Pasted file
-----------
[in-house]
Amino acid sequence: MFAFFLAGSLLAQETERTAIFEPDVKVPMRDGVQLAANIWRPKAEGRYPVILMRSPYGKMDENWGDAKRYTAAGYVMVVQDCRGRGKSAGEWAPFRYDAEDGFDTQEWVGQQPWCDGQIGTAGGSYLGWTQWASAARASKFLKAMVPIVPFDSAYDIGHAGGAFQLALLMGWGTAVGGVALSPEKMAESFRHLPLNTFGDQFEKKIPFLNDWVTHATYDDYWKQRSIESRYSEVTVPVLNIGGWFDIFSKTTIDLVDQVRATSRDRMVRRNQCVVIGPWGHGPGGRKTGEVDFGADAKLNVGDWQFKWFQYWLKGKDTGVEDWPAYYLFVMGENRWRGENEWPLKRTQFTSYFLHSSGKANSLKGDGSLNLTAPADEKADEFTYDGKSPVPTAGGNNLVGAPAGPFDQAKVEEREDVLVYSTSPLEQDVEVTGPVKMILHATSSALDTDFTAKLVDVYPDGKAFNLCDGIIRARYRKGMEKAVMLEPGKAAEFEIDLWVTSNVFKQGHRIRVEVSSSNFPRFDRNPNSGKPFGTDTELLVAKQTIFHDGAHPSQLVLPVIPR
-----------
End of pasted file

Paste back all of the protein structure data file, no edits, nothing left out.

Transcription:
[in-house]
Amino acid sequence: MFAFFLAGSLLAQETERTAIFEPDVKVPMRDGVQLAANIWRPKAEGRYPVILMRSPYGKMDENWGDAKRYTAAGYVMVVQDCRGRGKSAGEWAPFRYDAEDGFDTQEWVGQQPWCDGQIGTAGGSYLGWTQWASAARASKFLKAMVPIVPFDSAYDIGHAGGAFQLALLMGWGTAVGGVALSPEKMAESFRHLPLNTFGDQFEKKIPFLNDWVTHATYDDYWKQRSIESRYSEVTVPVLNIGGWFDIFSKTTIDLVDQVRATSRDRMVRRNQCVVIGPWGHGPGGRKTGEVDFGADAKLNVGDWQFKWFQYWLKGKDTGVEDWPAYYLFVMGENRWRGENEWPLKRTQFTSYFLHSSGKANSLKGDGSLNLTAPADEKADEFTYDGKSPVPTAGGNNLVGAPAGPFDQAKVEEREDVLVYSTSPLEQDVEVTGPVKMILHATSSALDTDFTAKLVDVYPDGKAFNLCDGIIRARYRKGMEKAVMLEPGKAAEFEIDLWVTSNVFKQGHRIRVEVSSSNFPRFDRNPNSGKPFGTDTELLVAKQTIFHDGAHPSQLVLPVIPR